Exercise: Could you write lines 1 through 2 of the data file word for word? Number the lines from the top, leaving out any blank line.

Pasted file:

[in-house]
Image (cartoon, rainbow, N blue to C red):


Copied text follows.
[in-house]
Image (cartoon, rainbow, N blue to C red):